How to cope with being pregnant insomnia

Woman has trouble


From nausea and back pain to swollen ankles, feet, and fingers, expectant parents experience a host of weird (and uncomfortable) pregnancy symptoms. They are a by-product of changing hormones – and growing a whole person in your body. But while morning sickness can be the most common complaint, at least during the first trimester, another problem many face is pregnancy-related insomnia.

“Pregnancy insomnia is the inability to sleep, or sleep well, during pregnancy, particularly in a person who doesn’t have trouble outside of pregnancy,” says Jill Purdie, MD, OB-GYN and medical director at Northside Women’s Specialists in Atlanta.

Here’s everything you need to know about pregnancy-related insomnia and how to treat it.

What is pregnancy insomnia?

Pregnancy insomnia — or pregnancy-related insomnia — is a condition that disrupts the sleep pattern of expectant parents. “Pregnancy insomnia typically involves difficulty falling asleep, frequent nocturnal awakenings, and a decreased amount of deep, restorative sleep,” says Alex Savy, a board-certified sleep science coach.

When Does Insomnia During Pregnancy Start?

While pregnancy-related insomnia can occur at any point during pregnancy, most people experience trouble during their third trimester. This is partly due to your growing height. The bigger your baby is, the more difficult it is to eat, move and breathe. But listlessness and insomnia can also occur in the first trimester thanks to morning sickness and .

What Causes Pregnancy Insomnia?

There are many potential causes of insomnia during pregnancy, says Chasity Jennings-Nunez, MD, OB-GYN and Hospitalist Site Director for OBHG at Adventist Health-Glendale in Glendale, California.

“Some causes are related to common symptoms of pregnancy, such as nausea, frequent urination, fetal movement, and difficulty finding a comfortable position,” says Dr. Jennings-Nunez. “Mental health issues like and depression can also cause insomnia. And more serious problems like obstructive sleep apnea can occur or worsen due to excess weight gain in pregnancy, particularly in a mother who is overweight to begin the pregnancy.”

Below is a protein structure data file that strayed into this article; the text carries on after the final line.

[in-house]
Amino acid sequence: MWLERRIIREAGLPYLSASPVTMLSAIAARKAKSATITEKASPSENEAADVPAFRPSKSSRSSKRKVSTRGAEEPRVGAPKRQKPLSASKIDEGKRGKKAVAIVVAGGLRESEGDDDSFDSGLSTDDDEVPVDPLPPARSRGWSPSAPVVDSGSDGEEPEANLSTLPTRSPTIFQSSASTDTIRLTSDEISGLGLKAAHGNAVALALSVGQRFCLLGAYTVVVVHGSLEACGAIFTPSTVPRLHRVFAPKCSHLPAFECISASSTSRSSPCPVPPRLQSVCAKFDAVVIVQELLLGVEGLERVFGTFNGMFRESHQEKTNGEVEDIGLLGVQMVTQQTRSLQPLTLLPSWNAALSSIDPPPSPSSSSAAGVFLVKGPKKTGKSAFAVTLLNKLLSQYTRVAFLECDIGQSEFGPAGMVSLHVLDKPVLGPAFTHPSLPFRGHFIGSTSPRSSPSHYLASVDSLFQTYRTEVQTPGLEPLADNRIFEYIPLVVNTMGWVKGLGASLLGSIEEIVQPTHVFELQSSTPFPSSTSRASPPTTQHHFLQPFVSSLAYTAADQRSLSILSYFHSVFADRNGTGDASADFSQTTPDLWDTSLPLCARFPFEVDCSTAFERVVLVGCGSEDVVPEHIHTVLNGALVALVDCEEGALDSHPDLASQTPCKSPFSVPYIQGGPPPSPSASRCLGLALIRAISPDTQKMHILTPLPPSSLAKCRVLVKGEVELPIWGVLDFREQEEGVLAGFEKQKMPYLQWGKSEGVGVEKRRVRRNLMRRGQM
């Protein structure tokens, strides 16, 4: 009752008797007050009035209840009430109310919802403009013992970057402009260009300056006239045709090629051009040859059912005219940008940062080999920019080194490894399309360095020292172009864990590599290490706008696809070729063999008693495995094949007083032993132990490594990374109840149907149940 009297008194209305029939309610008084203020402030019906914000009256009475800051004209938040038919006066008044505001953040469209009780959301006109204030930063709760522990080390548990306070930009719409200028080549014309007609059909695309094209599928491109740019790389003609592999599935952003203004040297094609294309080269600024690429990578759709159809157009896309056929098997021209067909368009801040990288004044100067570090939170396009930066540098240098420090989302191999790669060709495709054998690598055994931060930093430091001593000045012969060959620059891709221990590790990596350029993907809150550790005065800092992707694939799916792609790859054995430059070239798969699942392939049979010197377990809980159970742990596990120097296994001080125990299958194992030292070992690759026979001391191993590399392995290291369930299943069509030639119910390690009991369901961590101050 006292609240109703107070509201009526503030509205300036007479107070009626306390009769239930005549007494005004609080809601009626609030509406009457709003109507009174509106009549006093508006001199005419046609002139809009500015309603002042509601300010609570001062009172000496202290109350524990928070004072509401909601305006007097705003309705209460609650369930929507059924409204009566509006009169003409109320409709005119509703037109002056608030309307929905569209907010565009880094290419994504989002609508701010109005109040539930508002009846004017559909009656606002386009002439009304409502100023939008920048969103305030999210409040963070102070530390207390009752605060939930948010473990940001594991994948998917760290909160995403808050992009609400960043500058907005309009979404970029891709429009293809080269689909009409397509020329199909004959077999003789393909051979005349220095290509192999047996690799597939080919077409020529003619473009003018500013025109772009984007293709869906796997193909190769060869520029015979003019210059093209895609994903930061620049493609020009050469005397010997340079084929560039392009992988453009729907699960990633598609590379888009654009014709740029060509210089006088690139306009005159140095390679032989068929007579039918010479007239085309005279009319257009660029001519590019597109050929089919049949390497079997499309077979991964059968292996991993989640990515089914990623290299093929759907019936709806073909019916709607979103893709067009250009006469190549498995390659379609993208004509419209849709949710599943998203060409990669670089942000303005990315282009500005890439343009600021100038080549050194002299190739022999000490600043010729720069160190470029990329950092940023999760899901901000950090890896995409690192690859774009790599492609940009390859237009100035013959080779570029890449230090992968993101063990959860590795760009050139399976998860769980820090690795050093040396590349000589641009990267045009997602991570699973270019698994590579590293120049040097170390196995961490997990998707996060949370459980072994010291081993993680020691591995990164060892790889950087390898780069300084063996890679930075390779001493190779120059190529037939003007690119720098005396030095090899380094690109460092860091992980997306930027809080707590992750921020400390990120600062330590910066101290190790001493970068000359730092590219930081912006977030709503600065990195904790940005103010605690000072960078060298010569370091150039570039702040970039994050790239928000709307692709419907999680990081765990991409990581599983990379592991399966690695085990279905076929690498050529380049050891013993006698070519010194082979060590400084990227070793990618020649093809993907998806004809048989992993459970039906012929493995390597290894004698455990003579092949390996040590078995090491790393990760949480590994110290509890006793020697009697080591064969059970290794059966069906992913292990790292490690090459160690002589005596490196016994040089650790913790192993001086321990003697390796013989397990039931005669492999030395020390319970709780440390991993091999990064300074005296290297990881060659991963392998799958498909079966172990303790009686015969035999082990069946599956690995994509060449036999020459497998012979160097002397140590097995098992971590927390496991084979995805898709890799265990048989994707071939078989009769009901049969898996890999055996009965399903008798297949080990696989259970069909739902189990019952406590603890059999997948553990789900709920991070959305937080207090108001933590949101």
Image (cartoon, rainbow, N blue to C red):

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Is Insomnia Harmful During Pregnancy?

While pregnancy-related insomnia isn’t particularly harmful to you or your baby, listlessness and insomnia can cause a variety of other problems. In particular, insomnia has been linked to depression and anxiety. It can also increase your risk of gestational diabetes, premature birth, and/or prolonged labour.

How Do I Treat Pregnancy Insomnia?

To treat pregnancy-related insomnia, the first step is to identify the cause. “Treating nausea and vomiting or heartburn and back pain in pregnancy is helpful for many,” says Dr. Jennings-Nunez. “Treating psychological, social and familial factors that contribute to poor sleep can be challenging, but offers long-term benefits for both the health of the pregnant woman and the newborn.” Establishing a consistent bedtime routine is also crucial.

Make sure to drink enough water and limit your caffeine consumption. Drop the screens an hour (or two) before bed, as too much blue light can disrupt sleep patterns. Avoid heartburn-inducing foods, especially in the evenings, and keep your room cool. You should also find a comfortable sleeping position. It is best to lie on your side with your knees bent.

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